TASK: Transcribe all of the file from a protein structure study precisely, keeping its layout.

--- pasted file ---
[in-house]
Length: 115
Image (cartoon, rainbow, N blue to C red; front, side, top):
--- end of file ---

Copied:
[in-house]
Length: 115
Image (cartoon, rainbow, N blue to C red; front, side, top):